Since the enactment of Directive 91/250 EEC, software developers – especially SMEs – have adopted copyright as the primary tool of protection for computer programs, which cannot be patented “as such” according to the conjunct reading of Art. 52(2)(c) with 52(3) of the European Patent Convention. However, patent protection of software-related inventions has been regularly granted by the European Patent Office and several national courts, recently emerging as the preferred alternative for an increasing number of program developers and software houses. In 2002, in order to harmonise at Community level the application of patent law by national courts to such inventions, the Commission drafted a Proposal for a Directive on the patentability of computer-related inventions. However, within the Proposal’s framework, patent protection is not purported to supplant copyright, but rather to coexist (peacefully?) with it. This paper aims at analysing, firstly, how patent and copyright law address the case of derivative innovation in the software market and, secondly, the likely consequences that the coexistence of the two paradigms would have on such inventions.

“Patent and copyright paradigms vis-à-vis derivative innovation: the case of computer programs”,

AREZZO, Emanuela;
2005

Abstract

Since the enactment of Directive 91/250 EEC, software developers – especially SMEs – have adopted copyright as the primary tool of protection for computer programs, which cannot be patented “as such” according to the conjunct reading of Art. 52(2)(c) with 52(3) of the European Patent Convention. However, patent protection of software-related inventions has been regularly granted by the European Patent Office and several national courts, recently emerging as the preferred alternative for an increasing number of program developers and software houses. In 2002, in order to harmonise at Community level the application of patent law by national courts to such inventions, the Commission drafted a Proposal for a Directive on the patentability of computer-related inventions. However, within the Proposal’s framework, patent protection is not purported to supplant copyright, but rather to coexist (peacefully?) with it. This paper aims at analysing, firstly, how patent and copyright law address the case of derivative innovation in the software market and, secondly, the likely consequences that the coexistence of the two paradigms would have on such inventions.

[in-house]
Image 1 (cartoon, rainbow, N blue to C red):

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Utilizza questo identificativo per citare o creare un link a questo documento: https://hdl.handle.net/11575/2383
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